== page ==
Ron Shawgo | The Journal Gazette Nursing students, from left, Tammy Hamilton, Eunice Hahn and Malorie Thompson practice on a patient simulator at Huntington University.
Sunday, December 03, 2017 1:00 am
Nursing students handed lifeline
Private colleges help people abandoned by closed institutions
RON SHAWGO | The Journal Gazette
Eunice Hahn, 39, was looking for solid financial footing for her two daughters and an ill husband as she pursued a nursing degree at ITT Technical Institute in Fort Wayne.
Tammy Hamilton, 51, had two kids in college and one in high school while attending ITT with the same idea.
Malorie Thompson, 26, a single mother with a new house and three months from graduating from ITT, had a similar future in mind.
Each deep in student debt, their plans were put in limbo when ITT abruptly closed last year, with the nursing credits they earned seemingly worthless.
Hahn, who was a year from graduating, said the news was devastating.
“The kids were just excited – momma is going to be done in a year, and then we wouldn't have to struggle too much – only to find out that we can no longer go on after you've given it all you can,” said Hahn, of Fort Wayne.
But four months after the September 2016 closure, the three found themselves accepted at Huntington University, where they praise the nursing program and are looking toward graduation in 2019.
While it meant another two years of school and long commutes, each will end up with a bachelor's degree, which Hahn said hospitals prefer over an associate degree.
“After being offered a chance to come to school here we ended up finding out we'll graduate with an even better degree than we had started with,” she said.
ITT, with a focus on nursing, drafting, electronics, business administration and other courses, wasn't the only for-profit school last year to announce it would close.
MedTech, offering a path to mostly health care fields, closed Sept. 16, 2016. Brown Mackie College, with concentrations in business, health care and legal studies, is set to close in July 2018. ITT and MedTech closed following federal scrutiny. Brown Mackie said declining enrollment prompted its decision.
The closures left students in turmoil. Hahn, Hamilton and Thompson said ITT officials assured them they would graduate. After the closure they learned their government loans would not be forgiven and their credits would not transfer to public schools such as IPFW and Ivy Tech Community College Northeast.
Several private schools, including Harrison College, Trine University, Vincennes University, Indiana Wesleyan University and Huntington University stepped in. Many ITT students transferred to Indiana Tech.
Huntington University currently has 10 former ITT students who transferred to its nursing program. Another is finishing prerequisites and will start the nursing program in fall 2018, said Del Roth, director of marketing and university relations.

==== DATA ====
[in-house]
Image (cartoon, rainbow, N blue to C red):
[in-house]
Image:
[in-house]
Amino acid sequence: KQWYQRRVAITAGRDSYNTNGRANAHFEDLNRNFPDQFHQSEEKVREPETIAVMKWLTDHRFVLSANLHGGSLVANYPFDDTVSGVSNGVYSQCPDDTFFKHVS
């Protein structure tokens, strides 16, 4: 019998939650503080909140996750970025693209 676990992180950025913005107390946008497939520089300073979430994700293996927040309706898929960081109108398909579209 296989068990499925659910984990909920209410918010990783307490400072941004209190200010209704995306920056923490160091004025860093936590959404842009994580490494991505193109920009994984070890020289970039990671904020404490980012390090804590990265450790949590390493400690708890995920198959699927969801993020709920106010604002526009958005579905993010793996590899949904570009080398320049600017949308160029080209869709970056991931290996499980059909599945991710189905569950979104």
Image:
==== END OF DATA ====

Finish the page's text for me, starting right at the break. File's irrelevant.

Thompson, who lives in Avilla, said she attended ITT for three years, had three months left and was $30,000 in debt when administrators announced the school would close. She searched for another school that would accept her ITT credits, even in neighboring states, when she heard that Huntington would honor them.
“It was just awesome,” she said.
Hamilton, who lives in Angola, had about nine months left to graduate from ITT when it closed. She didn't get out of bed for three days, she said.
“The whole goal was that mom was going to get her degree to be able to get a better job to help everybody else,” Hamilton said.
With $21,000 in ITT debt, Hamilton figures she'll owe between $42,000 and $46,000 when she graduates from Huntington. She calls the school's curriculum “by far more superior” to ITT's, a description others echoed. But she holds nothing against ITT's faculty.
“All of them were affected as well. They lost their jobs. They all had families,” Hamilton said. “And there were two specific ones that went above and beyond trying to get us in somewhere.”
Huntington University had heard rumors about ITT possibly closing and began comparing the nursing curricula, said Nancy Richison, nursing instructor.
As a liberal arts school, Huntington required some prerequisite classes students had to take, she added. But school officials found scholarships and other financial aid for them.
Hahn said she and the others at first questioned the university's sincerity, having “already been burned.” But the school has delivered everything it promised, she added.
“You feel at home here,” Hahn said. “The moment we actually came to register you felt like you were meant to be here.”
Added Thompson: “We don't even have instructors here. We have extended family. I mean, there's no doubt if we're in a bind they're always here for us. They're pushing us to succeed. The support we have here we couldn't even imagine ever having at ITT.”